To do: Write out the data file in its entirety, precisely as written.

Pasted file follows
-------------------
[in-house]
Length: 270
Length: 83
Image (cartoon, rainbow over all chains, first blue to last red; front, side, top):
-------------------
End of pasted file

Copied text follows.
[in-house]
Length: 270
Length: 83
Image (cartoon, rainbow over all chains, first blue to last red; front, side, top):